Alison Cayne & Edible Schoolyard NYC
Cultivating healthy students and communities
Here's a fun fact for you: It can take up to 17 times for a child to accept new and unknown eats. That's rejected 16 servings of, say, Brussel sprouts or broccoli before he or she will heartily dig in. Which, if you're a parent, doesn't come as a surprise. Anyone with young ones knows the war of wills that can occur during a meal. For low-income families, that challenge is compounded even more—paying for those 16 servings to end up in the garbage is not an option.
So we're excited to partner with Alison Cayne, founder of New York cooking school and cafe Haven's Kitchen, and her charity of choice Edible Schoolyard NYC, which educates children in the public school system here on good eating via hands-on cooking and gardening programs.
Cayne, who has five kids of her own, is also longtime devotee of Edible Schoolyard's founder, Alice Waters, who pioneered the organic, farm-to-table movement. "She's had a tremendous impact on the way we all think about food," Cayne continues, noting that her influence is spreading to whole new generations, thanks to Edible Schoolyard. "Our aim is to connect academics and school with food, health and wellness in a positive, joyful way."
Edible Schoolyard NYC’s (ESYNYC) mission is to support edible education for every child in New York City. ESYNYC partners with New York City public schools to cultivate healthy students and communities through hands-on cooking and gardening education, transforming children’s relationship with food and promoting healthier school environments.
We work closely with the city's public schools, placing teachers in schools to teach gardening and cooking. At the heart of our program is our gardening and cooking lessons. The students might have a lesson about the water system or compost or recycling. Or they might grow basil and then make pesto out of it. There are tons of different ways we can help kids make the connection between what they're growing and what they're eating, between food and their own health. Our aim is to connect academics and school with food, health and wellness in a positive, joyful way that is hands-on and culturally relevant to the many communities we work with.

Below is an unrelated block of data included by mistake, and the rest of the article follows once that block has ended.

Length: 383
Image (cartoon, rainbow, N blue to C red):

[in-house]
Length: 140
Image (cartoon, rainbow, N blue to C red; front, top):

We have two Demonstration Schools, each with five full-time staff members: two gardening teachers, two cooking teachers and a program manager. Those are our flagships where we see every kid in the school. They're coming to a garden or cooking class almost every week and also participate in extracurricular programs. We really work with those schools to transform the culture of health.
Then we also have six Network Schools, where we have more limited staff and work closely with the school teachers to teach gardening and cooking. We also work with about 15 partner schools, supporting them to build capacity.
And we also have an intensive teacher-training program, which sees about 500 teachers a year who are interested in bringing this edible education to their communities.